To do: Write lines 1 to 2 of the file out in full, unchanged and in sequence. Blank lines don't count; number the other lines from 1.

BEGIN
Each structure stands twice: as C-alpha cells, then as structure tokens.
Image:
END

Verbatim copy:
Each structure stands twice: as C-alpha cells, then as structure tokens.
Image: